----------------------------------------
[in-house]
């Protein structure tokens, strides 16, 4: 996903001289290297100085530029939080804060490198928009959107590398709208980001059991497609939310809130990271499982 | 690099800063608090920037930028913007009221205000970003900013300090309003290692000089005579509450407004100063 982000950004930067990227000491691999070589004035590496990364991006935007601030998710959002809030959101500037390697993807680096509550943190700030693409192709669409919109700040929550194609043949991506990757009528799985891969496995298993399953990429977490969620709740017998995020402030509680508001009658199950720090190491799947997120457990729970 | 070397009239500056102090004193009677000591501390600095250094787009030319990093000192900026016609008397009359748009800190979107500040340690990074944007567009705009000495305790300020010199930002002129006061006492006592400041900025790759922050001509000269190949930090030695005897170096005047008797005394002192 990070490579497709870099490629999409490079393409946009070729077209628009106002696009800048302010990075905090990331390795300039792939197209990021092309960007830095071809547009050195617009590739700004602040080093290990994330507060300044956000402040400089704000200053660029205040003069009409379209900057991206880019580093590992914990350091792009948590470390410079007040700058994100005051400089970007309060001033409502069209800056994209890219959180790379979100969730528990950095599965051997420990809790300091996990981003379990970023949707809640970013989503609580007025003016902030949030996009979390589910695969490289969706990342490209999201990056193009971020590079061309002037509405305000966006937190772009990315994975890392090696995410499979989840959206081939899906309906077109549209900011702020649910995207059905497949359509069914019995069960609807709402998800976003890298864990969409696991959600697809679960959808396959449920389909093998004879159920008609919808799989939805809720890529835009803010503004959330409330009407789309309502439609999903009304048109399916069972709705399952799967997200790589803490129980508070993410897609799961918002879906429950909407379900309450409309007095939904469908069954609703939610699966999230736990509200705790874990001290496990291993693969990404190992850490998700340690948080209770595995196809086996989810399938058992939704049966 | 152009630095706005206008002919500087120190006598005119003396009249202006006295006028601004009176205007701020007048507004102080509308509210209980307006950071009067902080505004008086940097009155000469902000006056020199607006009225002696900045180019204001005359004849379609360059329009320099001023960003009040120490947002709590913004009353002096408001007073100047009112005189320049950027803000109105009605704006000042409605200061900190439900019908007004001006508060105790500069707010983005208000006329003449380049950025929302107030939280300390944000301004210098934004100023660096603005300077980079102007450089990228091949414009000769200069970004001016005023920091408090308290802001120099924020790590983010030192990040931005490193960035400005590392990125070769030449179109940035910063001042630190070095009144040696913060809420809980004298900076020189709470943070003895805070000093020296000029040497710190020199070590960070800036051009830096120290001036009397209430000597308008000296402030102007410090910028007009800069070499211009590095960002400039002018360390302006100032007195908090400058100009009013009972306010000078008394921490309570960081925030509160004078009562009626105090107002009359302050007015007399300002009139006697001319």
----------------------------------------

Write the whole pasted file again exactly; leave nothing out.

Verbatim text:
[in-house]
């Protein structure tokens, strides 16, 4: 996903001289290297100085530029939080804060490198928009959107590398709208980001059991497609939310809130990271499982 | 690099800063608090920037930028913007009221205000970003900013300090309003290692000089005579509450407004100063 982000950004930067990227000491691999070589004035590496990364991006935007601030998710959002809030959101500037390697993807680096509550943190700030693409192709669409919109700040929550194609043949991506990757009528799985891969496995298993399953990429977490969620709740017998995020402030509680508001009658199950720090190491799947997120457990729970 | 070397009239500056102090004193009677000591501390600095250094787009030319990093000192900026016609008397009359748009800190979107500040340690990074944007567009705009000495305790300020010199930002002129006061006492006592400041900025790759922050001509000269190949930090030695005897170096005047008797005394002192 990070490579497709870099490629999409490079393409946009070729077209628009106002696009800048302010990075905090990331390795300039792939197209990021092309960007830095071809547009050195617009590739700004602040080093290990994330507060300044956000402040400089704000200053660029205040003069009409379209900057991206880019580093590992914990350091792009948590470390410079007040700058994100005051400089970007309060001033409502069209800056994209890219959180790379979100969730528990950095599965051997420990809790300091996990981003379990970023949707809640970013989503609580007025003016902030949030996009979390589910695969490289969706990342490209999201990056193009971020590079061309002037509405305000966006937190772009990315994975890392090696995410499979989840959206081939899906309906077109549209900011702020649910995207059905497949359509069914019995069960609807709402998800976003890298864990969409696991959600697809679960959808396959449920389909093998004879159920008609919808799989939805809720890529835009803010503004959330409330009407789309309502439609999903009304048109399916069972709705399952799967997200790589803490129980508070993410897609799961918002879906429950909407379900309450409309007095939904469908069954609703939610699966999230736990509200705790874990001290496990291993693969990404190992850490998700340690948080209770595995196809086996989810399938058992939704049966 | 152009630095706005206008002919500087120190006598005119003396009249202006006295006028601004009176205007701020007048507004102080509308509210209980307006950071009067902080505004008086940097009155000469902000006056020199607006009225002696900045180019204001005359004849379609360059329009320099001023960003009040120490947002709590913004009353002096408001007073100047009112005189320049950027803000109105009605704006000042409605200061900190439900019908007004001006508060105790500069707010983005208000006329003449380049950025929302107030939280300390944000301004210098934004100023660096603005300077980079102007450089990228091949414009000769200069970004001016005023920091408090308290802001120099924020790590983010030192990040931005490193960035400005590392990125070769030449179109940035910063001042630190070095009144040696913060809420809980004298900076020189709470943070003895805070000093020296000029040497710190020199070590960070800036051009830096120290001036009397209430000597308008000296402030102007410090910028007009800069070499211009590095960002400039002018360390302006100032007195908090400058100009009013009972306010000078008394921490309570960081925030509160004078009562009626105090107002009359302050007015007399300002009139006697001319």